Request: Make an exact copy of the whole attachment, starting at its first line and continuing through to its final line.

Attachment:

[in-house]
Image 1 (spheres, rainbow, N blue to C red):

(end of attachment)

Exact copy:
[in-house]
Image 1 (spheres, rainbow, N blue to C red):